In order to address the problem with underperformance in sales, we’ll have to challenge the assumption that autonomous sales agents should bear the primary responsibility of sales performance. This assumption, more than any other cause, is leading to significant underperformance in sales.
If we challenge this assumption then we can divide the labor of sales—prospecting, selling, administration, solution design and customer service—among members of a coordinated team. Salespeople will be responsible for selling, other people will specialize in the remaining tasks.
Production and engineering made this shift long ago and they experienced dramatic performance improvements. But these improvements did not come easily. Craftspeople opposed the division of labor in manufacturing every step of the way.
Similarly, salespeople today object to dividing the labor of sales among members of a coordinated team.
Justin Roff-Marsh says you are likely to hear two primary objections:
- Complexity. Sales is complex in most environments nowadays. You have multiple influencers and decision makers. You have numerous conversations with multiple parties spanning weeks or months. This complexity does not lend itself to division of labor.
- Personal relationships. People buy from people. No one likes to transact with a machine. The division of labor will destroy the critical personal relationship between the salesperson and the customer.
How does Roff-Marsh respond to these two objections?
To the first objection, Roff-Marsh concedes that selling today is complex. But is that alone a good reason to avoid the division of labor?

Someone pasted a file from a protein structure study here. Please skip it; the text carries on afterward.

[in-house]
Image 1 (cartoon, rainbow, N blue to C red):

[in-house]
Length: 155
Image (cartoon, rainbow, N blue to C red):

If this objection were valid, then we would expect to see the division of labor fail in the production of more complex products like jet aircraft. In fact, these products could not be built without a division of labor.
Now what about the critical relationship between the salesperson and the customer? Although it’s true that good relationships are an important part of business, Roff-Marsh asks, “which comes first—the sale or the relationship?”
Customers today do not want to initiate their buying cycle with a personal relationship. As they recognize their problem and investigate possible fixes, they search out information that can help them. However, most buyers do not want a relationship at this early stage. They read articles and educate themselves on the subject. Then later in the cycle they become ready to talk to a salesperson.
Roff-Marsh comments “The reality is, for the most part, that the salesperson’s relationships are the consequence of sales, not their first cause!”
Further, although sales makes an important contribution to the initial sale to a customer, subsequent transactions that retain customers are due more to product quality and ability of production to deliver on time.
So it turns out that the primary objections to the division of labor, sales complexity and personal relationships, are not good arguments to oppose the division of labor in sales and the dramatic increase in productivity that follows.